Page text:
|In 2012, at the “Justice for Jewish Refugees from Arab Countries and Iran” conference held in Jerusalem, Meir Kahalon, the Director General of the Central Organization for Jews from Arab Countries and Iran, lamented the lack of recognition for Middle Eastern Jews. Unlike some of the other conference speakers, his concerns were not rooted in the Israeli-Palestinian conflict. Rather, his speech focused on the parallels between the “Shoah” [Holocaust] in Europe, and the “Shoah” of North Africa. His frustration with the lack of formal commemoration for North African Jewry in World War II invites us to consider the role that Holocaust commemoration serves in Middle Eastern Jewish efforts for recognition.|
In the past decade, organizations like Justice for Jews from Arab Countries, and Jews Indigenous to the Middle East and North Africa, as well as the Israeli government, have advocated recognizing Middle Eastern Jews as “refugees.” In tandem with these controversial claims, however, less well known are—as seen from Kahalon’s remarks—Middle Eastern Jewish demands for recognition as “Holocaust survivors.” These demands appear strange on two fronts: first, because within and outside of Israel, there has been a longstanding view that Middle Eastern Jews were untouched by the Holocaust, and were, in fact, insensitive to the Zionist establishment’s preoccupation with it; and second, because Middle Eastern Jewish demands for refugee recognition and Holocaust survivor status renders the government of Israel as both an ally and opponent, respectively. Having recently enlisted the support of the government in pursuing refugee claims, why would Middle Eastern Jews jeopardize this support by demanding to be recognized as Holocaust survivors? And what are the political effects of these demands?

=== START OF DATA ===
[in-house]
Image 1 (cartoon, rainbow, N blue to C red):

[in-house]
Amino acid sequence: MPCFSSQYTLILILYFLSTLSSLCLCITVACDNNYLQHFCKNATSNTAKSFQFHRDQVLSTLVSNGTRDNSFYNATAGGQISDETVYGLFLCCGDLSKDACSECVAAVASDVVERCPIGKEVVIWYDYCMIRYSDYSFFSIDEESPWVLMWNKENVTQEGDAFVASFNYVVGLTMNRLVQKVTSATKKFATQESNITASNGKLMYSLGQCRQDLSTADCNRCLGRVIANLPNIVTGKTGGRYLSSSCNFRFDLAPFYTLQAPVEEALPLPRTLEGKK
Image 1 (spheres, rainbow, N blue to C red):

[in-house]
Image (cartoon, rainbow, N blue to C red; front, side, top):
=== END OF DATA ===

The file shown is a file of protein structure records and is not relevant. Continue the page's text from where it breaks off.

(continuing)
In answering this question, I offer a framework for understanding how Jews displaced from Arab countries, now living in Israel and the United States, have come to situate their own experiences of displacement and discrimination in their countries of origin, and then again in the nascent state of Israel, against the backdrop of the Holocaust and European Jewish experiences of persecution. Drawing upon newspaper archives, literary works, and oral history projects, I examine the effects of Middle Eastern Jews' invocation of the Holocaust and appropriation of Holocaust commemorative practices. I argue that while these practices demonstrate an appeal for inclusion in Israeli national memory, they ultimately challenge Zionist hegemony.